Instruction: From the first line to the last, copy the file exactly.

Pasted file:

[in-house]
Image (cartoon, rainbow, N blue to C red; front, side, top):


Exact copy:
[in-house]
Image (cartoon, rainbow, N blue to C red; front, side, top):